Monday 19 November 2012

Mackenzie "Tongues"

In the last post on Pasatiempo Golf Club, I mentioned Dr. Alister Mackenzie's use of green extrusions that deviate from the general shape of the green.  These "tongues" are an excellent means by which shorter golf holes can ratchet up the difficulty (in conjunction with firm and fast conditions) by providing challenging hole locations that offer little margin for error for elite amateur or professional events.  Mackenzie "tongues" also amplify the strategic element of the game, by providing an incentive to those seeking birdies and approaching with short irons or wedges to place their drives on the proper side of the fairway to limit the potential risk on the approach shot.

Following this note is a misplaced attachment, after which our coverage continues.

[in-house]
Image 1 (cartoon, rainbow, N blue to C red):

A Mackenzie "tongue" creates a challenging front right hole location at Pasatiempo's 5th. (Photo: Google Earth)
Cypress Point's short 15th demands an extra dose of precision when playing to either Mackenzie "tongue" extending front left and right of the green. (Photo: Google Earth)
No. 2 at Augusta National is a three-shot par-5 for the members, whose second shot must take into consideration the hole location and play to the opposite side of the fairway to improve the angle of approach. (Photo: Google Earth)
The "tongues" that Mackenzie incorporated into his green designs promote strategic play, and provide a small target area.  Players approaching these difficult hole locations from out-of-position must execute a more exacting shot to lay close to the hole, or take their medicine and play to the fat of the green.  Those that attempt the heroic approach and fail are often faced with a difficult recovery to a shallow target.  
The left "tongue" at Augusta National's 3rd is a plateau only 35 feet deep with sharp fall-offs in front and behind making recovery shots extremely difficult. (Photo: Google Earth)

1 comment:

  1. The 6th green at the University of Michigan course is an excellent example